Jason Hughes, San Diego-Based CEO on the Secrets To Accomplishing Company Goals
By David Thompson
Sep 30, 2021 03:00 PM EDT
Sep 30, 2021 03:00 PM EDT
Jason Hughes, San Diego-Based CEO on the Secrets To Accomplishing Company Goals(Image by Gerd Altmann from Pixabay ) (Credit: Getty Image)
If you're wondering how to nurture the talent of your work-from-home employees best, you're certainly not alone. An estimated 39 million Americans are working remotely through year-end. The social distance is safer, health-wise, but trickier when discovering an employee's untapped potential. San Diego-based Hughes Marino Chairman, CEO, and Co-owner Jason Hughes says his team found a new strategy, thanks to The New York Times' bestseller Measure What Matters by John Doerr. The book explains the value of OKRs, or objectives, and key results. Objectives are simply the "what" you set out to accomplish. Key results are the "how" you're going to achieve those objectives.
According to the book's official website, Whatmatters.com, it's about defining objectives and setting a road map and a deadline for achieving those goals. But that's not the method's only benefit: OKRs build trust within a corporate team and improve overall happiness. According to a Gallup study, when analyzing the differences in performance between engaged and disengaged teams, the highly engaged employees significantly outperformed business outcomes, including 17% higher productivity and 21% higher profitability.
While Measure What Matters is a popular read in the tech world, any company can apply it. Jason Hughes and his wife, Hughes Marino President, COO, and Co-owner Shay Hughes, were impressed with the transformative impact OKRs had on Google, Disney, Dropbox, Spotify, LinkedIn, Twitter, and the Bill and Melinda Gates Foundation. They immediately began to incorporate OKRs at Hughes Marino. The company rolled out the OKR program in 2018 to smaller groups and eventually added more and more teammates each quarter. They soon began to notice an increase in team communication, employee transparency, and higher productivity. As a result of applying OKRs, Jason Hughes says his team was more focused, accountable, and conscientious of how they spent their time. OKRs also had a meaningful impact on companywide initiatives in culture and hiring, technology breakthroughs, and process-related improvements.
Shortly after reading the book, Shay and Jason Hughes sprang into action, gathering with his team in San Diego and the other Hughes Marino offices to identify the big goals they aimed to accomplish for the quarter and beyond. At Hughes Marino, teammates are encouraged to map up to five objectives they want to accomplish for the quarter. OKRs encourage team members to reflect on the most important objectives to complete as an organization and then hold the team accountable for achieving them, according to Jason Hughes. A team leader can then break down the key results into one to five measurable tasks.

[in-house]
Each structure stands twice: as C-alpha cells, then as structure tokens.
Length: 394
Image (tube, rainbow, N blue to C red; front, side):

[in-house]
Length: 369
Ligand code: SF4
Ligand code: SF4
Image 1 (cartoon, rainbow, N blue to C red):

1. Focus - A basic, yet, fundamental element of OKRs is to keep them limited and very focused. Limiting OKRs to a list of just one to five helps team members stay engaged and hyper-focused on accomplishing their goals for the quarter.
2. Alignment - Before the beginning of each quarter, share the overarching OKRs with your team. This transparency helps teammates see the big-picture tasks for the quarter, allowing them to draft their own goals, and it encourages collaboration among teams. As stated by a Harvard Business Review report, "Alignment is a strong motivator at work... Once organizations align individuals to long-term goals, they'll experience heightened retention and better execution."
3. Commitment - An old-fashioned to-do list goes a long way. Encourage your team to write down professional or personal goals and share them with others. By doing so, people are much more likely to stick with them. When Jason Hughes and the Hughes Marino team tracks goals in a database, the team stays committed.
4. Tracking progress - Accountability also soars when companies track progress companywide. It feels great crossing tasks off the list and seeing key results get completed. It encourages each team member to make progress toward the prioritized objective.
5. Stretching - Don't be afraid to think big! Aim for very lofty goals; even if you fall short, your team will most likely make progress that might not have happened unless you aimed high.
San Diego-based Shay and Jason Hughes then regularly presented the powerful OKRs to their team. Although the process of OKRs requires a conscious team effort, Jason Hughes believes it's worth the investment, as OKRs have changed the Hughes Marino mindset forever.
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